187

I may be having a brain fart here, but I really can't figure out what's wrong with my code:

for key in tmpDict:
    print type(tmpDict[key])
    time.sleep(1)
    if(type(tmpDict[key])==list):
        print 'this is never visible'
        break

the output is <type 'list'> but the if statement never triggers. Can anyone spot my error here?

  • 3
    Have you used list as a variable somewhere? Beware that if you're working in the REPL or such it may still be re-defined from a while ago. – Ffisegydd Oct 24 '14 at 8:24
  • .....Woooowww... definitely a lesson regarding the shortcomings of softly typed languages. Wow... – Benjamin Lindqvist Oct 24 '14 at 8:26
  • Add it as answers and I'll accept. THANKS. – Benjamin Lindqvist Oct 24 '14 at 8:27
  • 1
    Pylint and friends will help you out in the future (I wouldn't call this a shortcoming, really). – user707650 Oct 24 '14 at 8:28
140

Your issue is that you have re-defined list as a variable previously in your code. This means that when you do type(tmpDict[key])==list if will return False because they aren't equal.

That being said, you should instead use isinstance(tmpDict[key], list) when testing the type of something, this won't avoid the problem of overwriting list but is a more Pythonic way of checking the type.

| improve this answer | |
224

You should try using isinstance()

if isinstance(object, list):
       ## DO what you want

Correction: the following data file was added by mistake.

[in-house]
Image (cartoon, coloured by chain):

In your case

if isinstance(tmpDict[key], list):
      ## DO SOMETHING

To elaborate:

x = [1,2,3]
if type(x) == list():
    print "This wont work"
if type(x) == list:                  ## one of the way to see if it's list
    print "this will work"           
if type(x) == type(list()):
    print "lets see if this works"
if isinstance(x, list):              ## most preferred way to check if it's list
    print "This should work just fine"

EDIT 1: The difference between isinstance() and type() and why isinstance() most preferred way to check is that isinstance() checks subclasses in addition, while type() doesn’t.

| improve this answer | |
22

This seems to work for me:

>>>a = ['x', 'y', 'z']
>>>type(a)
<class 'list'>
>>>isinstance(a, list)
True
| improve this answer | |
1

Python 3.7.7

import typing
if isinstance([1, 2, 3, 4, 5] , typing.List):
    print("It is a list")
| improve this answer | |
1

Although not as straightforward as isinstance(x, list) one could use as well:

this_is_a_list=[1,2,3]
if type(this_is_a_list) == type([]):
    print("This is a list!")

and I kind of like the simple cleverness of that

| improve this answer | |

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